Position: Wide receiver
Weight: 208 pounds
School: Ohio State Buckeyes
Combine Performance Data
40-yard dash: 4.35 seconds (fifth-best among wide receivers)
Bench press: 18 reps
Vertical jump: 37.5 inches
Broad jump: 10 feet, 5 inches
Three-cone drill: 7.01 seconds
20-yard shuttle: 4.15 seconds
Terry McLaurin 2019 NFL Draft Profile
If there’s one word that describes Terry McLaurin‘s football career in both high school and college, it would have to be winning. He won four state titles while at Cathedral High School in Indianapolis, IN, with his senior season particularly noteworthy. That year, he impressed mightily in a hybrid-back role, totaling 953 receiving yards and eight touchdown catches in addition to 744 rushing yards and six touchdowns on the ground. It resulted in him being named Indiana’s Mr. Football in 2013.
A top-50 wide receiver prospect according to Rivals, 247Sports, and Scout, McLaurin committed to Ohio State and comprised a consensus top-five recruiting class. He redshirted during the Buckeyes’ championship season of 2014 and saw minimal action a year later. Over the next three years, though, he slowly but surely emerged as an integral part of the OSU receiving corps. It began as a redshirt sophomore when he appeared in all 13 games, starting four of them, and hauling in two touchdown grabs.
Urban Meyer recognized McLaurin’s role as a team leader by naming him a captain both in 2017 and 2018. The first of those seasons saw him register 436 yards receiving and six touchdown catches, both of which were top three on the team. As a redshirt senior, he added a further 701 yards and accounted for 11 touchdowns, the latter of which was second-best on the team behind fellow 2019 draft prospect Parris Campbell. Those two aren’t the only Buckeye receivers on the radar of NFL teams as Johnnie Dixon is also expected to get drafted this year.
- showcases an ability to elude and make plays after the catch;
- a nuanced route-runner who can subtly get open;
- able to get past single-high help outside the numbers and take the top off defenses;
- has an added gear at his disposal once the ball’s in his hands;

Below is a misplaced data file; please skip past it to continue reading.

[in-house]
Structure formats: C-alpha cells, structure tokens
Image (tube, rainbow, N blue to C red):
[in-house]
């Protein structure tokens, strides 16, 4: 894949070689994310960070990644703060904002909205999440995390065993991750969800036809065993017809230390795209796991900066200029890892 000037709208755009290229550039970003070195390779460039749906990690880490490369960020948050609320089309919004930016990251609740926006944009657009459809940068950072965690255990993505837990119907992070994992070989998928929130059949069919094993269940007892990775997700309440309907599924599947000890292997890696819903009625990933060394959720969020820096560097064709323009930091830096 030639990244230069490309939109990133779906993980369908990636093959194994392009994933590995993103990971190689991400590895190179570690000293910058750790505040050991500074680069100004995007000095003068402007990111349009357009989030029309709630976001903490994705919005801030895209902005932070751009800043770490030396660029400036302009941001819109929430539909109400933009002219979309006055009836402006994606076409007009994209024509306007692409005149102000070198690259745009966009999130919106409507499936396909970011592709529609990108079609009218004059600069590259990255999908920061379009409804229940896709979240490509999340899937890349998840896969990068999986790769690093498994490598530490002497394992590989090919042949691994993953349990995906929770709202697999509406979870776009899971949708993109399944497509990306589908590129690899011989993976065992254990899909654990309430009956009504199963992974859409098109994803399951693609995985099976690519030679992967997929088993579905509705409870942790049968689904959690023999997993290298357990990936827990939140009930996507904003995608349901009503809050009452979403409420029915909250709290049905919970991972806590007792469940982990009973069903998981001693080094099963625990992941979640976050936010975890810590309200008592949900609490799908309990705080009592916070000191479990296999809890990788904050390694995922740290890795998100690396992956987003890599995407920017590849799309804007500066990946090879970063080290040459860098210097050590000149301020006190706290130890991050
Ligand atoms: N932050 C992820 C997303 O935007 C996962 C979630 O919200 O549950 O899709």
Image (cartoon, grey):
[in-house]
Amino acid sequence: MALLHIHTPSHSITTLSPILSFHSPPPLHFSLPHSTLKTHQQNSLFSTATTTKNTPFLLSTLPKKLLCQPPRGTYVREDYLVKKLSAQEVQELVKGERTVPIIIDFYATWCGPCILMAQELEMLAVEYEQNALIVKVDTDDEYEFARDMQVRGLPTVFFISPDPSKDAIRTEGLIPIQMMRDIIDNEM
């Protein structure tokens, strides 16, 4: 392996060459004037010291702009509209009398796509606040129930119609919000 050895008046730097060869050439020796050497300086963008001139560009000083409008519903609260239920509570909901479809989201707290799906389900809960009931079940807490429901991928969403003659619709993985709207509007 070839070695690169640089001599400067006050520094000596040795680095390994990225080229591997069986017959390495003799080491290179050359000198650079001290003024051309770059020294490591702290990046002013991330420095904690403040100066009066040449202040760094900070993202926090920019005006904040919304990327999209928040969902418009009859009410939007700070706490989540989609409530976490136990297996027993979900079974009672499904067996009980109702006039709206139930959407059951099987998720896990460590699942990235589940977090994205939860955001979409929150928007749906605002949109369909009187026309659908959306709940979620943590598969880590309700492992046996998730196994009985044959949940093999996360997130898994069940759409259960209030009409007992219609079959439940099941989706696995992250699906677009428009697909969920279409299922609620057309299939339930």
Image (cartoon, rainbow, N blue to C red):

- can react and adjust to come down with inaccurate throws;
- physical and capable of separating at the top of his route;
- able to improvise as a means of getting open for his quarterback;
- should contribute immediately on special teams.
- takes a while for him to accelerate to top speed;
- cradles the ball into his arms too often instead of catching with his hands;
- needs to run routes with more sharpness at transition points;
- could add to his route repertoire;
- uncertain as to whether he has the strength to release from press;
- elusive in space but generally brought down on initial contact;
- not much on film that suggests he can effectively block downfield;
- just a single season of above-average production in college.
NFL Comparison: Paul Richardson
Teams With Need at Position: Arizona Cardinals, Baltimore Ravens, Buffalo Bills, Denver Broncos, Detroit Lions, Green Bay Packers, Indianapolis Colts, New England Patriots, New York Jets, Philadelphia Eagles, Pittsburgh Steelers, San Francisco 49ers, Washington Redskins
Projection: Fourth to fifth round
McLaurin’s talent played a part in OSU quarterback Dwayne Haskins breaking a Big Ten single-season touchdown record previously held by Drew Brees. He’s extremely capable of getting open downfield and does a good job separating at the stem of his routes. And if he gets into open space or is able to get past corners over the top, he’s a dangerous big-play threat. He’s also able to help out his quarterback if the pocket collapses and he’s forced to scramble to keep the play alive.
But there are definitely concerns. McLaurin’s route transitions tend to be too rounded for the most part and needs more crispness. Though he ran an impressive 40 at the Combine, that explosiveness doesn’t show up on film as much as you’d like. And in order for him to realize his ceiling at the next level, he must show that he can effectively deal with jams at the line of scrimmage against physical press corners. Improving his ability to make contested catches could also help.
At the end of the day, McLaurin projects as a day three selection who should provide solid depth to a team’s receiving corps. He has immediate special teams value and though it might take time for him to get consistent volume from a receptions standpoint, he has the potential to develop into a consistent contributor. In time, he should be able to get starter-level reps as a number two receiving option.